Sometimes the core relationships in fantastic LGBTQ+ films aren’t romantic. Instead, these films revolve around the friendships that help get our characters through. Whether these friendships have romantic undertones or are completely platonic, they all boast meaningful connections that keep us coming back to these films again and again.
The Boys in the Band (1970)
Based on the 1968 play of the same name, The Boys in the Band follows a group of gay men as they gather for a friend’s birthday party in New York City. As egos clash, a cast of nuanced characters battle with Shakespearean level wit and one-liners. The play and the film were groundbreaking at the time of their release for an unapologetic depiction of homosexuality.
Parting Glances (1986)
One of the only films to address AIDS at the height of the disease in the 1980s, Parting Glances is not only an important entry in the queer film history canon but also a bittersweet, subtle film about leaving lovers and losing friends. Steve Buscemi shines in one of his earliest roles in director Bill Sherwood’s only feature film before he was taken from the disease he depicted on screen.
My Own Private Idaho (1991)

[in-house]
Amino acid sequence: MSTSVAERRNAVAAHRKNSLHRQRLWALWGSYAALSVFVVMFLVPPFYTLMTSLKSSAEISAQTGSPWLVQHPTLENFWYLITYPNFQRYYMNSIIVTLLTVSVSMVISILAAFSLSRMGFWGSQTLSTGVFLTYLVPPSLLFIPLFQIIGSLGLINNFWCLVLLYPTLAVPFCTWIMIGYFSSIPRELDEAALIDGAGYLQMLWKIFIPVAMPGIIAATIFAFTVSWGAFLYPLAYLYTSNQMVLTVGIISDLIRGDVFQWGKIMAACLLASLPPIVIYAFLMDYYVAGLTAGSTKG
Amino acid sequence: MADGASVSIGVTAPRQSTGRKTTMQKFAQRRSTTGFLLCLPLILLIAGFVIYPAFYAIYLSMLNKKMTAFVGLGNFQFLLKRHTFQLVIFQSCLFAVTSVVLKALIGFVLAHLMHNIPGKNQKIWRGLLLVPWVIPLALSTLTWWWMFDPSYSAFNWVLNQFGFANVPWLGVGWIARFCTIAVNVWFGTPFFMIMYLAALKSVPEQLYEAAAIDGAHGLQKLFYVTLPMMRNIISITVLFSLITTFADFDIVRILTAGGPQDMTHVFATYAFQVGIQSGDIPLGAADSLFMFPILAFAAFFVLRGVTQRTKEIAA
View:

A tour de force, loosely based on Shakespeare’s Henry IV Part 1, Henry IV Part 2, and Henry V, My Own Private Idaho follows two best friends and hustlers on a journey of self discovery and to find one character’s mother. This cult classic meditates on friendship, male desire, and boasts wonderfully authentic, vulnerable performances from the film’s two incredible leads.
Unlike the two previous entries on this list, the friendship central to Philadelphia is not within the queer community, but a bridge that is built between two men with seemingly nothing in common. Tom Hanks plays Andrew Beckett, who believes he was fired for being HIV+, opposite Denzel Washington, the lawyer that helps him sue his former employer. Philadelphia was the first Hollywood studio film to acknowledge the AIDS crisis and marks a huge step towards mainstream representation.
This gem, which was shot entirely on an iPhone, follows two transgender sex workers on their quest to track down one’s boyfriend and pimp once she learns he has cheated on her with another woman. Tangerine combines stunning visuals with a screwball comedic core that is all built on a friendship you can’t help but become wrapped up in.
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